It’s interesting that you don’t mention the 2008 crash as a factor – is there a reason why? Because for me I guess, in the UK context it seems to be a definitive moment.
In terms of the 2008 crisis, its important to recognise that in Italy, even though the crisis did have a very material effect on most people, especially young Italians, in terms of movement events the anti-austerity movement didn’t really take off in the same way, as an event, as it did in the UK. Even though people do reference it as the general crisis of capitalism, it’s not necessarily got the same relevance. The social strike could have existed before 2008 and it would still have made sense.
I remember when I was in Italy in 2004, there was a strike of transport workers, and that was politicised and socialised quite massively, especially in Rome. There was a night demonstration which led to the occupation of a large empty factory that was then used as a social centre, and it was called Strike. So these ideas and practices were circulating before the crisis.
In the UK it’s different, because in 2008 we were a left that had been in decomposition for a long time. The biggest far left group – the Socialist Workers Party – was imploding, and that gave space to a lot of new organisations that looked critically at how the left had fared in the crisis, and also looked at the fact that the left itself was in crisis.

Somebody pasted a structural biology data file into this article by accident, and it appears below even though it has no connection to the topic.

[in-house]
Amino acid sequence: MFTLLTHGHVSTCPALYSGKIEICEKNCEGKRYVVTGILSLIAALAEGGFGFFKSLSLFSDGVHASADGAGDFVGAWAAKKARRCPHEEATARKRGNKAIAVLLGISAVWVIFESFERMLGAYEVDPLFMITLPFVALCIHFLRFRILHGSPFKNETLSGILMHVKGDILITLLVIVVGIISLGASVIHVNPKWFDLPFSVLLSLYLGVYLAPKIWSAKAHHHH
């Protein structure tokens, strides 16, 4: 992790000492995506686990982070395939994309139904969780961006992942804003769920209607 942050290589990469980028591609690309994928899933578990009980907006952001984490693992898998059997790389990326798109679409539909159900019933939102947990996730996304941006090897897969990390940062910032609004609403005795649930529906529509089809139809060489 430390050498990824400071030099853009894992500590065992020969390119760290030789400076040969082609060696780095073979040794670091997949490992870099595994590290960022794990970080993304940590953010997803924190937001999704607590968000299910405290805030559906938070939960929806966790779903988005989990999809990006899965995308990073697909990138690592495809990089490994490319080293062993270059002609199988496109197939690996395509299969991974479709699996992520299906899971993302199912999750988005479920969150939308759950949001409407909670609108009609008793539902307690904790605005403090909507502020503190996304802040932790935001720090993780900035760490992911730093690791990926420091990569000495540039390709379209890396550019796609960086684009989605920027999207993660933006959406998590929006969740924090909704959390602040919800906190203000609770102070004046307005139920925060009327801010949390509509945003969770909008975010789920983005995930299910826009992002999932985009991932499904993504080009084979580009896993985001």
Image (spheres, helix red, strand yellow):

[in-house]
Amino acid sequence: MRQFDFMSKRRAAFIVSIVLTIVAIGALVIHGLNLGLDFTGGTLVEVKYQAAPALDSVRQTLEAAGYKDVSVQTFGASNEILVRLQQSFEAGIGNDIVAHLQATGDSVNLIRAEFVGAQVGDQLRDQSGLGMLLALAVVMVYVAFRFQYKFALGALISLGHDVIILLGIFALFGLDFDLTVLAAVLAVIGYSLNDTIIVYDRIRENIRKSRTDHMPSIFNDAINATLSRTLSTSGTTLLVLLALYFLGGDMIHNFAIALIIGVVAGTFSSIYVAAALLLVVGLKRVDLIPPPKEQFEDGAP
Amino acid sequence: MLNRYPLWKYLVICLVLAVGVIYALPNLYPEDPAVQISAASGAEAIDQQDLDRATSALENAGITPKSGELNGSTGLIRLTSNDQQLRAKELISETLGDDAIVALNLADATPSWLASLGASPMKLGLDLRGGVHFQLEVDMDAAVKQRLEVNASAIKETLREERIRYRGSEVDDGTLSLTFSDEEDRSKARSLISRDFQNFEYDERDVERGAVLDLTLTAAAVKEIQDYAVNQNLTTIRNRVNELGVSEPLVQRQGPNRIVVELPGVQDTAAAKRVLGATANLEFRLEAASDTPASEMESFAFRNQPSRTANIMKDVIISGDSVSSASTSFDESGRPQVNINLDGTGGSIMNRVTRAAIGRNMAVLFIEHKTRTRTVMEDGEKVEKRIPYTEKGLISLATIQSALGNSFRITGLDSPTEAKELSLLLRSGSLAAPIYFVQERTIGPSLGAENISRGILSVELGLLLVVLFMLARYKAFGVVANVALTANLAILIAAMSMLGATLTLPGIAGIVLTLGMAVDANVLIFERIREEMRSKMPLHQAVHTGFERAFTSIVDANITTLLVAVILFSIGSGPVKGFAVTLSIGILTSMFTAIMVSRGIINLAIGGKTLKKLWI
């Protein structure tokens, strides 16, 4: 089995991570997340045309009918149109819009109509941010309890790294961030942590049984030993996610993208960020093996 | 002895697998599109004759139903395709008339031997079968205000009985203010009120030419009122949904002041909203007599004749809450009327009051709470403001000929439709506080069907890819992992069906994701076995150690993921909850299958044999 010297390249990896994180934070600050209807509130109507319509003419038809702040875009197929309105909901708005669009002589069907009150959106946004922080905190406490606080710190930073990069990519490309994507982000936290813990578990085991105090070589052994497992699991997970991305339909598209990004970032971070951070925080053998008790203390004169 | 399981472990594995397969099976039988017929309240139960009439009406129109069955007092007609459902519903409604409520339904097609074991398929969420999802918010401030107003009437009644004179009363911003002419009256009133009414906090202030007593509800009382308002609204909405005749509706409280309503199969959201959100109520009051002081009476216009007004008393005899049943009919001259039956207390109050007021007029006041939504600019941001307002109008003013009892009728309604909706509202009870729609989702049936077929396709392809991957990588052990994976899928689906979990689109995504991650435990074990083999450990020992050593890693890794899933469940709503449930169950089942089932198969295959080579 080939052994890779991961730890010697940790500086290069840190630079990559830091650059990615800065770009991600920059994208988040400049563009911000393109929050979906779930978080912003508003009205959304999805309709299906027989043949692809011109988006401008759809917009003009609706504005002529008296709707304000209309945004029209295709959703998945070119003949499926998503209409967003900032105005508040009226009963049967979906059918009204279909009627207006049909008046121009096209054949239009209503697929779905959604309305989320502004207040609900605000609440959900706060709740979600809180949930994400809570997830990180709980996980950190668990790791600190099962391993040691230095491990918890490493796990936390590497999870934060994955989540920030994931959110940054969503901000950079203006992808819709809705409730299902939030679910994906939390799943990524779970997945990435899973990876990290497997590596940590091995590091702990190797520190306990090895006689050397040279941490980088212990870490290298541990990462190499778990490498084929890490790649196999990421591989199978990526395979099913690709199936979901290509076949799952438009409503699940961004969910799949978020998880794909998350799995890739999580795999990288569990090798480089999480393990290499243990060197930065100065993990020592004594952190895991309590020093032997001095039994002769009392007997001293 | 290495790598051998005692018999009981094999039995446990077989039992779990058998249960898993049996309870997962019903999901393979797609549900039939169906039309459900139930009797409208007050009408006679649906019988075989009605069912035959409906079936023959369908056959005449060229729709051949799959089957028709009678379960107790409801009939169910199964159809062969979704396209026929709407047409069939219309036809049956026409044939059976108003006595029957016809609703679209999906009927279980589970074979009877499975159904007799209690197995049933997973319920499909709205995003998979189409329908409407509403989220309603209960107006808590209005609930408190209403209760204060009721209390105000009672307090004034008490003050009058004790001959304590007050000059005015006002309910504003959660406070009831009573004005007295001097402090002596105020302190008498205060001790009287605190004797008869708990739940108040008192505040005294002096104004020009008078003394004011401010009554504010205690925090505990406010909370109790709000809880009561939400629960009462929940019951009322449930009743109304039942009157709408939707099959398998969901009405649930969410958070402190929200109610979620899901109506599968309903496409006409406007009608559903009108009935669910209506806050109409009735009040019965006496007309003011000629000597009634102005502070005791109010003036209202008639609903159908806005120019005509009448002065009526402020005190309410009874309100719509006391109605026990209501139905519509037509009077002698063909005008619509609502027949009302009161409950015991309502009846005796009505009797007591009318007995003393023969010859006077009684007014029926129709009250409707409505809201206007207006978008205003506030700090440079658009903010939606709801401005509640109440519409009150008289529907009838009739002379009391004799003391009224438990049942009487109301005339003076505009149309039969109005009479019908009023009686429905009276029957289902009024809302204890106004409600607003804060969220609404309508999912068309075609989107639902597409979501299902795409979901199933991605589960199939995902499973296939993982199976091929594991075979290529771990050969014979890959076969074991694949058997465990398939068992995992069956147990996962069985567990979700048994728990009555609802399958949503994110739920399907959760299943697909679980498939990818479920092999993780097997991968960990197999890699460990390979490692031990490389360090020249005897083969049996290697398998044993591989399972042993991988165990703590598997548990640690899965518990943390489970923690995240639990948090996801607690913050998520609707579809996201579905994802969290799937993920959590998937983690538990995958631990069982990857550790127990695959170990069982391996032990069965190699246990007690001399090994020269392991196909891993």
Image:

When we look back at 2011, when the first co-ordinated post crisis strike action was called by the TUC on pensions in the public sector for June 30th, there was quite a big build up. At that point there had yet to be any really sizeable reaction to the crisis, apart from the student movement. We had a G20 meeting of finance ministers in East London at the Excel centre in 2009, and 10,000 people rioted. But the student movement was the only organic movement that had emerged in response to the crisis. A lot of the discussions around at the time was around waiting for the Trade Union movement to move, for people to go out on strike.
Those experiences in 2011 I think really educated a lot of people. We basically discovered that our capacity to go on strike was minimal, because there was a whole bureaucratic layer that was preventing strike action. But at the same time, a lot of people still saw strikes as the pinnacle of a response.
From 2011 onwards there were obviously anti-austerity demonstrations and fragmented struggles around housing and other crisis-related stuff, especially around migration, perhaps antifascism as well. But there was still this central issue of power and counterpower that wasn’t being addressed. So when we started discussing the social strike in London, it was very much located relative to the fact that we didn’t have power.
Traditionally, power came from mass collective action at the point of production, but we couldn’t replicate that, because we ourselves weren’t involved in it, or if we were, we still struggled to get people out on strike, because it was a process beyond our control. So the social strike was in effect something that emerged out of lack of power, and looked at how potentially we could develop, articulate and exert power.